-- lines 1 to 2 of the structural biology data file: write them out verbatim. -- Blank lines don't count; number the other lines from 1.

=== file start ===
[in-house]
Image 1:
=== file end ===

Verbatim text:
[in-house]
Image 1: